|Wealthy socialite Veronica Vreeland returns from Central America, bringing tiny handmade dolls for all her friends. According to native legend, once placed under a pillow, the dolls do the sleeper's worrying for them. Unknown to Veronica or her guests, each of the dolls was made by the Mad Hatter, and contains a tiny microchip which plants hypnotic suggestions inside the sleepers' brains.|
Season 2 (1994–1995)Edit
Because of the success the show was enjoying, while the 65 episodes of the first season were still airing, the Fox network executives ordered a second season of 20 more episodes. Season Two featured Robin more prominently, and nine out of the 20 episodes were given the onscreen title The Adventures of Batman & Robin.
After airing five of the 20 episodes in May 1994, the network reduced the series to airing only weekly on Saturday mornings. Ten more episodes were broadcast in this format in September–November 1994 under the Adventures of Batman & Robin title. Once these fifteen episodes had premiered (the final five were held back until September 1995), the weekday slot was restored to include reruns of the entire series, with all previous episodes being shown under the new title for all remaining airings on Fox, as well as several VHS releases.
The entirety of Season Two was released on DVD as part of the Batman: The Animated Series Volume Three set alongside the final nine episodes of Season One.
|Title||Directed by||Written by||Original air date|
|66||1||"Sideshow"||Boyd Kirkland||Story by : Michael Reaves|
Teleplay by : Michael Reaves and Brynne Stephens
|May 3, 1994|
En route to an upstate prison, Killer Croc escapes and leads Batman on a dangerous chase through the wilderness. After throwing Batman temporarily off his trail, the reptile-man takes refuge with a group of retired circus freaks, and convinces them to help him. When Batman arrives, Croc and the freaks band together to capture him.Note: Loosely based on "A Vow from the Grave" by Denny O'Neil. This episode adapted the comic book story with the inclusion of a separate Killer Croc story.
|67||2||"A Bullet for Bullock"||Frank Paur||Michael Reaves||September 14, 1995|
Someone has put a hit out on Gotham's toughest cop, Harvey Bullock. After surviving several near misses, Bullock realizes he has no choice but to ask his arch-rival Batman to help him discover who is behind the murder attempts. During their investigation, Bullock learns that his gruff and mean-spirited manner has created enemies in the unlikeliest of people.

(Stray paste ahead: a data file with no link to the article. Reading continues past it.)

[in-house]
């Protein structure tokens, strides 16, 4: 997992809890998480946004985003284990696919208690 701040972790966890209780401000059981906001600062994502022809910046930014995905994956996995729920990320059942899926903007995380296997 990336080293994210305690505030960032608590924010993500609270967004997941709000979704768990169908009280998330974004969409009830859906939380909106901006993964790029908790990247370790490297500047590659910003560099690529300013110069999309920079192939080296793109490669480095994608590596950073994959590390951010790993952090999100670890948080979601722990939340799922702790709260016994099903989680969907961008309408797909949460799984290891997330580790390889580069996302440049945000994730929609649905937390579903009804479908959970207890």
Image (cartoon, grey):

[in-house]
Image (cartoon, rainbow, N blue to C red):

|68||3||"Trial"||Dan Riba||Story by : Paul Dini and Bruce W. Timm|
Teleplay by : Paul Dini
|May 16, 1994|
Gotham's new DA, Janet Van Dorn, is out to capture Batman, but both she and him end up captured by some of Batman's main enemies instead. They are soon put on a kangaroo trial by the Joker (the judge), Two-Face (the prosecutor), the Ventriloquist (the bailiff), Poison Ivy, Harley Quinn, the Mad Hatter, Killer Croc, the Scarecrow, and the Riddler (the jury), in front of other criminals held at Arkham. If the defense (Batman and the D.A.) can prove that Batman is not the cause for everyone's turn to crime, they will be set free. When the jury gives the verdict of 'not guilty', the villains have little intention of following through on their deal...Notes: Henry Polic II, the Scarecrow's voice actor, was recuperating from throat surgery during the episode's production, so his character has no dialogue in it. Also, Van Dorn mentions in this episode that Harley Quinn was once a doctor at Arkham before the Joker corrupted her mind; backstory which is later shown in The New Batman Adventures episode "Mad Love".
|69||4||"Avatar"||Kevin Altieri||Michael Reaves||May 9, 1994|
|A mystic Egyptian scroll donated to the Gotham museum by Bruce Wayne is stolen by Ra's al Ghul, and Batman and Talia must join forces to prevent the power-mad Ra's from unlocking the scroll's secrets of life and death. Their quest takes them to a hidden temple deep beneath the Egyptian desert. There, the Dark Knight is forced into a terrifying battle with an ancient Egyptian sorceress.|
|70||5||"House & Garden"||Boyd Kirkland||Paul Dini||May 2, 1994|
|Not only has Poison Ivy been released from Arkham Asylum, but she's also married to her doctor and settled down to help him raise his two sons. It would appear that Ivy has gone straight and that her old days as a criminal are over. But wealthy bachelors are being struck down by an unknown toxin, leaving Batman to question Ivy's innocence.|
|71||6||"The Terrible Trio"||Frank Paur||Story by : Alan Burnett and Michael Reaves|
Teleplay by : Michael Reaves
|September 11, 1995|
|Three wealthy, bored friends of Bruce Wayne decide to seek new thrills by becoming master criminals. As the Fox, the Shark and the Vulture (masters of land, sea and air), the Terrible Trio pick Gotham clean, until they encounter one person who cannot be bought off — Batman.|
|72||7||"Harlequinade"||Kevin Altieri||Paul Dini||May 23, 1994|
|The Joker steals an atomic bomb, and it is up to Batman and Robin to find and stop him. Since there is no time to spare, the duo enlist the help of Harley Quinn to track Joker down. Throughout the episode, it is briefly discussed how Harley met Joker.|
|73||8||"Time Out of Joint"||Dan Riba||Story by : Alan Burnett|
Teleplay by : Steve Perry
|October 8, 1994|
|The Clock King returns to continue his vendetta against Mayor Hill. This time, the time-obsessed criminal hopes to murder Hill with the help of a stolen invention that allows him to warp time and travel at super-speed. Securing another device from its creator, Batman and Robin take on the Clock King in a furious high-speed battle for the mayor's life.|
|74||9||"Catwalk"||Boyd Kirkland||Paul Dini||September 13, 1995|